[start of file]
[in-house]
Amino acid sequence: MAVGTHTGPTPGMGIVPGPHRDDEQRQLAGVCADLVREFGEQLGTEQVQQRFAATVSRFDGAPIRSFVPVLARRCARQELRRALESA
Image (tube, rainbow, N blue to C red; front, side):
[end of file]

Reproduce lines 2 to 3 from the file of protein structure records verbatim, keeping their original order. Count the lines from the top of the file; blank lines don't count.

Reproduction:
Amino acid sequence: MAVGTHTGPTPGMGIVPGPHRDDEQRQLAGVCADLVREFGEQLGTEQVQQRFAATVSRFDGAPIRSFVPVLARRCARQELRRALESA
Image (tube, rainbow, N blue to C red; front, side):